We’ve noticed a small explosion in the Jewish world as young cantors, rabbis, and lay leaders have been creating music that draws on their deep connections to Jewish life and learning — and also from the music that surrounds them in the outside world.
In doing so, they’re carrying on the ancient Jewish tradition of melding the inner and outer worlds to make distinctive new things that carry the DNA of their ancestors.
Yoni Stokar is a cantor in Fair Lawn and an occupational therapist whose practice centers in Monsey. Depending on definition, he’s not quite a Jersey boy — he was born in New Orleans, although he moved to Teaneck when he was a small child, grew up there, and moved back to Bergen County, where he plans to stay, during the pandemic — but he’s deeply rooted here.
He just released his first album, Atzeres; it is, among other things, a map of the path he’s traveled, but in song instead of graphics.
Yoni — let’s call him that, because Cantor or Chazzan Stokar sounds a bit too constricting to describe him fully — calls his album Atzeres because “one of the definitions of that word is assembly.” Shemini Atzeret, literally the eighth day of assembly — the last day of Sukkot, before the wild revelry of Simchat Torah — is the extra day, folklore tells us, that God took to keep the people gathered with each other, and with God. It is also about coming together.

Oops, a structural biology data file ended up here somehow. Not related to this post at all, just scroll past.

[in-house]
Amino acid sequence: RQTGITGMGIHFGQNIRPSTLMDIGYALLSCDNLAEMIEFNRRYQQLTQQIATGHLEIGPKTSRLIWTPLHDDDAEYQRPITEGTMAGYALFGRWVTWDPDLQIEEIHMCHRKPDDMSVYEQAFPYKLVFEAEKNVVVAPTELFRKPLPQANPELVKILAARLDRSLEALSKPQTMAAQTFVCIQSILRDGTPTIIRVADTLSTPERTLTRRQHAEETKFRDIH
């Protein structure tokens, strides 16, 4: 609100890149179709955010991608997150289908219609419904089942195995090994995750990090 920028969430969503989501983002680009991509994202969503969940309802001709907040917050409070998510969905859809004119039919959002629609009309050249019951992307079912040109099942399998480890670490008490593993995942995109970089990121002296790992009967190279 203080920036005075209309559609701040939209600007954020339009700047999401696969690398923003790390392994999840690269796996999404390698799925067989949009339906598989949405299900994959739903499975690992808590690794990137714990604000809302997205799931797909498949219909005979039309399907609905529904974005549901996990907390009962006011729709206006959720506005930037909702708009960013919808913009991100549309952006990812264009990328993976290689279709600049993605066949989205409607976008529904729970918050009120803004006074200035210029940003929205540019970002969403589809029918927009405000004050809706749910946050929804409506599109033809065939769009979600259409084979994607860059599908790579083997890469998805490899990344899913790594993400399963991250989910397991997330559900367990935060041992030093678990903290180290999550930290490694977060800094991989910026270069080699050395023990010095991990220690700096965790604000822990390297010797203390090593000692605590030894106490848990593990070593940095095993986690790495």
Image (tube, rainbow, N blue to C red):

Yoni wrote the title song, Atzeres, on the 10-track album “over a two-year cycle of the shalom regalim,” the three pilgrimage festivals, he said; he composed the last song on a recent Shavuot, which ends the annual cycle that Rosh Hashanah begins. “Atzeret also means culmination,” Yoni said.
The songs “are a mix,” he continued. “Some are set to liturgical lines from tefillot,” prayers, and “a few are niggunim, wordless melodies. It’s a compilation of melodies that are set to prayers and are intended to act as prayers.”
The melodies are “a blend of genres. Some are ballads, in songwriter/singer style. Some are light melodies. Some are more rock. And there’s a New Orleans-style traditional second-line exuberant, drum-heavy L’cha Dodi.
“It’s an ode to all the places, all the communities, all the musical styles that have been part of my journey to where I am now,” he said.
Yoni Stokar’s journey started in New Orleans in 1988; on his mother’s side, he’s seventh-generation there. “My ancestors came to New Orleans from Europe in the mid 1800s; my grandparents were born and raised in New Orleans and my mom was born and raised in New Orleans. My parents ended up back down there shortly before I was born. Although we spent only a little bit of time there before we left, I have always felt very connected to it.
“It has such a unique vibe, both generally and musically.”
After they left Louisiana, the Stokar family — Yoni’s parents are Avi and Suzanne; Yoni is the middle of five children and the only girl in the family is the oldest sibling — moved first to Monsey and then to Teaneck. He went to high school at the Mesivta of North Jersey, an all-boys Orthodox high school housed “in the IDT building in Newark,” he said. “It was a unique way to go to school. We were in an office building that had a kosher cafeteria, a gym, a pool, and a workout gym, and we could use all of them.”